Page 0018

18 ơơɖieƒranceFrance, the most famous gastronomic

country in the world, is home to dozens of

much-loved dishes replicated in bistros far

and wide. But where do they come from?

Liz Rowlinson finds the story behind them.Crêpes Suzette

CÔTE D'AZUR

In 1895 at Monte Carlo's Cafe de Paris,

14-year-old assistant waiter Henri Carpentier

was preparing crêpes for the Prince of Wales,

the future King Edward VII of England, and they

caught fire in the orange liqueur syrup. The

result was so delicious that chefs have been

flambéing sweet pancakes ever since. 'Suzette'

was also a crêpe-serving Parisian actress, but

that's a whole other story!

Cassoulet

TOULOUSE

This humble meat and bean

stew of southwest France almost

certainly appeared after Christopher

Columbus introduced the white

bean to France from the Americas.

The first cassoulet is claimed by

the city of Castelnaudary, during

the Hundred Years War. It's named

after the cassole, the traditional clay

pot in which it is cooked. Whether

it features pork sausages, duck or

goose, it can be delicious.

Lyonnaise potatoes

LYON

Lyon is well known as the centre of French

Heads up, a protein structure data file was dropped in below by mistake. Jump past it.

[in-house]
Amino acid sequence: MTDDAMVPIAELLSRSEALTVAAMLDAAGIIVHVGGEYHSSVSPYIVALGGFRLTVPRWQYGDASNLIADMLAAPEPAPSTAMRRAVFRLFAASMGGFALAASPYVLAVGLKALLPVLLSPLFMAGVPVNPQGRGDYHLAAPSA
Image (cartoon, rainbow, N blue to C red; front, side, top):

gastronomy, and the city's bouchons (bistros

serving local dishes) have been influenced

by numerous nearby areas such as the Alps,

the Rhone Valley, Bresse, and Alsace. 'Lyonstyle' potatoes are sliced pan-fried

potatoes

and sliced onions sauted in butter with

parsley. Delicious!

Clafoutis

LIMOUSIN

Clafoutis was created in the nineteenth century using

the fabulous black cherries found in the Limousin.

The fruit is covered by a thick batter and served with

dusted sugar after cooking. The dish's name derives from

the Occitan clafoti s, from the verb clafir, meaning "to

fill" (with cherries). Purists use bigarreau cherries and

call a version made with apple, plum, peach, or pear a

flognarde, not a clafoutis.

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